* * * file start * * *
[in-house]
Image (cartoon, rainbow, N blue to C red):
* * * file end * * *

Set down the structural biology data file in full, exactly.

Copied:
[in-house]
Image (cartoon, rainbow, N blue to C red):